As a pastor it is easy to get carried away doing this and that, wearing different hats, doing different things –good things, mind you. Yet, in the middle of doing and being this and that, it is very, very easy to forget what it means to be a Pastor. Dave Workman, pastor of the Vineyard Community Church in Cincinnati, Ohio, recently brought this tension in the pastorship with a light-hearted, but serious post about the “top 5 things pastors should stop pretending to be.” In the post Dave states the following:
“…the pastor’s main duty is making sure the mission of the local church is carried out, and primarily that’s finding lost people and shepherding them through the process of seekers to servants. And so we have to lean into the expertise of theologians and biblical scholars we’ve learned to trust. It doesn’t mean that we don’t study; it simply means there are people who only and solely do that as a vocation for the purpose of schooling pastors like me. In many ways, a pastor has to be a generalist. We should best be able to pass on creedal basics and lead and shepherd the local church.”
This concept of what it means to be a pastor echoes the words of Eugene Peterson in his book “The Pastor: A Memoir” – a book, by the way, that that have greatly influenced my own thoughts on what it means to be a pastor:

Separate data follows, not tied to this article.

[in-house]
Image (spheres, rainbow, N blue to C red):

“I was not primarily dealing with people as problems. I was a pastor calling them to worship God….Congregations is a company of people who are defined by their creation in the image of God, living souls, whether they know it or not. They are not problems to be fixed, but mysteries to be honored and revered. Who else in the community other than the pastor has the assigned task of greeting men and women and welcoming them into a congregation in which they are known not by what is wrong with them, but by who they are, just as they are?”
In other words, a pastor isn’t someone with all the answers, or someone who does everything – they are, at the core, someone who stands in the middle of the community calling people to worship God. They, we, are a bell ringing in the day and a light on a hill, reminding folks that God is real and is passionately in love with them. It is as Archbishop of Canterbury-elect Justin Welby said this week at the Vineyard UK/Ireland National Leaders’ Conference:
“The key piece of advice for Christian leaders is that you have to be the one who is growing closer to Jesus; closing closer in your love for Jesus – and nothing else counts. The rest is decorations. If you are not doing that, you’re wasting your time. Nothing else counts, however skillful you are.”
It really is that simple. Love Jesus with all you soul, heart, mind and strength, and then love others as yourself.